hide You are viewing an archived web page, collected at the request of University of Alberta using Archive-It. This page was captured on 16:41:43 Dec 08, 2010, and is part of the HCF Alberta Online Encyclopedia collection. The information on this web page may be out of date. See All versions of this archived page. Loading media information

a b c d e f g h i j k l m n o p q r s t u v w x y z

Clark, Karl

Born in Georgetown, Ontario, on October 20, 1888, Karl Clark earned his bachelor's and master's degrees in Chemistry from McMaster University. He later went on to earn a doctorate in Chemistry from the University of Illinois in 1915. Dr. Clark joined the Scientific and Industrial Research Council of Alberta in1921. Karl Clark worked on ways of separating and recovering the oil from the tar sand using hot water and a chemical reagent in Ottawa, working for the Mine's Branch, It was as a result of these experiments that he was recruited to come to Alberta and later the Alberta Research Council.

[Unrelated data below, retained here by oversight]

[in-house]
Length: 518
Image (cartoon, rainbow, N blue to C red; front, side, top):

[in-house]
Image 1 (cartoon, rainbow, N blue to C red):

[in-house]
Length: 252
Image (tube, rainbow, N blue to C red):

In 1925, Clark successfully demonstrated a separation method using hot water and caustic soda. In 1929, Clark patented his hot water ad caustic soda mixture for the extraction of bitumen from oil sands. He fed the mined oil sands into a large rotating drum, and then mixed them under high temperatures with steam, hot water and caustic soda to separate sand and bitumen. The resulting liquid could then be processed further and upgraded into synthetic crude oil.

Dr. Clark continued his research with two pilot plants sponsored by the Alberta Government, one at Clearwater in 1930, the second at Bitumount. The operation at Bitumount, built in 1949, marked a milestone in oil sands history. The oil sands were accepted as a legitimate part of the petroleum. The same fundamentals remain the basis of the system used to process oil sands at two mining operations today. Dr. Clark passed away in 1966, nine months before completion of the first major oil sands plant, Great Canadian Oil Sands (now Suncor).